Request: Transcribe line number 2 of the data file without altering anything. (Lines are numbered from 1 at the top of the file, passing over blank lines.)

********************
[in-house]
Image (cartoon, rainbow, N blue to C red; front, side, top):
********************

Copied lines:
Image (cartoon, rainbow, N blue to C red; front, side, top):